Posted by: Jonjon | January 11, 2009

Oven Samosas!

The Idea of a Samosa Dough


I did quite a few variations of the samosa dough to see what works best in the oven. Here is the conclusion


After working with quite a few different type of samosa doughs, I’ve reached a conclusion as to how to work the dough.

The idea of using butter, cutting it course into the flour instead of blending it finely is so that when heat is introduced to the dough the dough will become crusty and crunchy.

Don’t worry about the prescribed water amount, it will always be wrong. Instead, just add enough water until you can roll it into the ball.

When you stretch it out, it usually breaks. Don’t worry, this is okay. Just work the dough a bit more “just in case” , maybe 5 minutes is enough, and when you can get to a point where you can roll the dough out quite thinly then you should be fine.

Two important points.
First, let the dough autolyse itself. I don’t know if I was thinking a bit too much, but when I let the dough autolyse itself after adding the salt and leavener (which I shouldn’t have) , I found that all my doughs were really easy to work with. Autolyse means to add only 90% of the water to the dough, and let it soak it in for 20 minutes and not add salt or leavener during this point . What you will expect when you come back is that the dough has “kneaded” itself and is more pliable than before. Of course, you can knead it more if you need to. I only needed to knead the dough for 3 minutes when I came back. I heard also that if you leave the dough in the fridge to get it cool (with a plastic wrap to prevent the moisture leakage) the dough can be rolled thinner when cold. However, I found not much difference, the room temperature one was easy to roll thinly so..

Second, when you roll, your dough might break. This may not be because the dough is too dry. Rather, it’s because it’s too sticky and it’s sticking to the surface. Powder some flour onto the board, and be expected to see an increase in the dough’s size as you make it flatter because it’s going to eat up all the flour on the surface of the board.

When you roll, roll from the centre so it doesn’t break. What you can do is to thin the edges first by rolling outwards, and from intwards, press either soft or hard, but in back and forth motions to even the thicker middle part out towards the edge and repeat the process. This usually worked with me.

Samosas –Wholemeal Dough 6/10

2 cups wholemeal flour
pinch salt
1/3 shortening (I use butter)
1 cup fresh milk


I don’t like the gritty feeling of wholemeal flour, though I heard it is healthier than all-purpose flour so I guess it is alright. The wholemeal was too thick as a crust, stealing the flavor of the fillings. It’s kinda strange, the prescribed water amount made my dough too wet so I ended up just doing the whole thing spontaneously and it worked out.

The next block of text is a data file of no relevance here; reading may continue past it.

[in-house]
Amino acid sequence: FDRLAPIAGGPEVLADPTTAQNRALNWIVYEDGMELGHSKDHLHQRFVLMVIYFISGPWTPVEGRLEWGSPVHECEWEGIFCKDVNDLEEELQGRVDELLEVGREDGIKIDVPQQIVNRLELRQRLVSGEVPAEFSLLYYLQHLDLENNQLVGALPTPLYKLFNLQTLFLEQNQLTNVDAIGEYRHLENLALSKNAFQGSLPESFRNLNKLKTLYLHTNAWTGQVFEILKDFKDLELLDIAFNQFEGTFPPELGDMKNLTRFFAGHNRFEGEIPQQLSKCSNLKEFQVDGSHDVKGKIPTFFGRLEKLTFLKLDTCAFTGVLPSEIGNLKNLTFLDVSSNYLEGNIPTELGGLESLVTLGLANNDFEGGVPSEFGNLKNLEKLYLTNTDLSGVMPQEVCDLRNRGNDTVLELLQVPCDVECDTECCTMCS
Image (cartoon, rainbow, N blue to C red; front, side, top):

Samosas 3 – Plain Flour 7/10, however when used buttermilk instead of water it was 7.5/10


I actually used the recipe from the website for the filling, however adding a little bit more than prescribed of each of the spices as I also added one more half a cup of cauliflowers.

The crust was okay, but it was actually nicer with more salt. A pinch of salt was not enough, so I had to do two pinches to get it right, in addition when buttermilk was added instead of water, it tasted much nicer. Umm, as usual, the prescribed water amount was too much so I just did everything spontaneously.


Samosas 4 Half chapatti and half flour 8/10


Makes: 20-24 Medium Samosas
For the Outer Covering
• Whole Wheat flour – 1 cup (use finely ground chapati flour)
• All purpose flour – 1 cup
• Butter – 1/4 cup
• Salt to taste
• Water to knead
• Extra Flour for dusting

I did the dough, and it was alright to work with. It was actually quite hard at the first attempt but later on my second attempt the next day when I made a new fresh door with not so much water + using the autolyse process it worked out perfect. However, I don’t know….. my stomach felt funny after having the chapatti flour, or maybe I was thinking a bit too much. Anyways, what you end up with is something similar to wholemeal but much finer, and this can be rolled out quite thin. I like this crust better in terms of taste but it doesn’t seem to work well with my system. It has a more complex texture.

Samosas5 Pastry (Cake) Flour 8.3/10

Oven-bake Khol
1. Pastry Flour (Maida): 3 Cups
2. Baking Powder: 3/4 teaspoon
3. Baking Soda: 3/4 teaspoon
4. Salt: 1 teaspoon
5. Ghee or Vegetable shortening: 9 Tablespoons
Please DO NOT use oil
6. Dry Oregano leaves 1/2 teaspoon
7. Dahi (Yogurt or Buttermilk): 3/4 Cup

I liked the addition of buttermilk. Previously I felt quite sick when I just ate the white flour on its own. White flour really needs flavor to make it more palatable like the way cocoa needs. This is a finer flour, and it was so easy to dough. There were less problems with rolling this into a thin dough. What you get is a finer flour taste with buttermilk

1. Pastry Shell Dough Mix items 1 through 4 and sift well.
2. Cut shortening with your fingers forming coarse crumbles.
3. Mix in Oregano leaves. Add Dahi. Knead about 10 minutes.
4. If the dough is too sticky to fingers add some more flour.
5. Gather dough in a ball and wrap it in plastic film.
6. Let it rest for about 10 minutes.
7. The Plastic film keeps it from drying.



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